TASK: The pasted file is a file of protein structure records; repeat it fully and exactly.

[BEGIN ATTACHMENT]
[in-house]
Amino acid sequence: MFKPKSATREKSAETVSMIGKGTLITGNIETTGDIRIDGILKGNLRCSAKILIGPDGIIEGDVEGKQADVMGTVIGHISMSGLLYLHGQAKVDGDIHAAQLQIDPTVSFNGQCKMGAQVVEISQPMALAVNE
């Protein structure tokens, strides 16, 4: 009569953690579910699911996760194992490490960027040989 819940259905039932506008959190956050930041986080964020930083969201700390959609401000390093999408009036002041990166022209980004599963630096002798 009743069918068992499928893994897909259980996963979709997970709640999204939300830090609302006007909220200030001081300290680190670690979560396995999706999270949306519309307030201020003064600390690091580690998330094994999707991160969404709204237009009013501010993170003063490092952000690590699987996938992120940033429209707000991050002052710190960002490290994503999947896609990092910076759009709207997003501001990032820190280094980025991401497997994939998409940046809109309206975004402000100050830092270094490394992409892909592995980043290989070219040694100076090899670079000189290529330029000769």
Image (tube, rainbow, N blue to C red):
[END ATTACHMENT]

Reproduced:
[in-house]
Amino acid sequence: MFKPKSATREKSAETVSMIGKGTLITGNIETTGDIRIDGILKGNLRCSAKILIGPDGIIEGDVEGKQADVMGTVIGHISMSGLLYLHGQAKVDGDIHAAQLQIDPTVSFNGQCKMGAQVVEISQPMALAVNE
């Protein structure tokens, strides 16, 4: 009569953690579910699911996760194992490490960027040989 819940259905039932506008959190956050930041986080964020930083969201700390959609401000390093999408009036002041990166022209980004599963630096002798 009743069918068992499928893994897909259980996963979709997970709640999204939300830090609302006007909220200030001081300290680190670690979560396995999706999270949306519309307030201020003064600390690091580690998330094994999707991160969404709204237009009013501010993170003063490092952000690590699987996938992120940033429209707000991050002052710190960002490290994503999947896609990092910076759009709207997003501001990032820190280094980025991401497997994939998409940046809109309206975004402000100050830092270094490394992409892909592995980043290989070219040694100076090899670079000189290529330029000769």
Image (tube, rainbow, N blue to C red):